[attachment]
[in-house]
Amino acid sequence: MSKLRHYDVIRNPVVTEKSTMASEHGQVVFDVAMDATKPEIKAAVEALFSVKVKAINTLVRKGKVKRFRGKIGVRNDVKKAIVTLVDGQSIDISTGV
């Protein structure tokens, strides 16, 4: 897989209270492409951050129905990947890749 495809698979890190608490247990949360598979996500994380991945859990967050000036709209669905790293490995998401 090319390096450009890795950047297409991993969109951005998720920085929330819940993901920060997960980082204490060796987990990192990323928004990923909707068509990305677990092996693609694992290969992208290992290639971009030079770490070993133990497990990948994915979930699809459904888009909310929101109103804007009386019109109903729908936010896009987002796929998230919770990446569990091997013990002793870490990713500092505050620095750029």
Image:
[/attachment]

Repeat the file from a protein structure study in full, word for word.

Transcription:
[in-house]
Amino acid sequence: MSKLRHYDVIRNPVVTEKSTMASEHGQVVFDVAMDATKPEIKAAVEALFSVKVKAINTLVRKGKVKRFRGKIGVRNDVKKAIVTLVDGQSIDISTGV
């Protein structure tokens, strides 16, 4: 897989209270492409951050129905990947890749 495809698979890190608490247990949360598979996500994380991945859990967050000036709209669905790293490995998401 090319390096450009890795950047297409991993969109951005998720920085929330819940993901920060997960980082204490060796987990990192990323928004990923909707068509990305677990092996693609694992290969992208290992290639971009030079770490070993133990497990990948994915979930699809459904888009909310929101109103804007009386019109109903729908936010896009987002796929998230919770990446569990091997013990002793870490990713500092505050620095750029």
Image: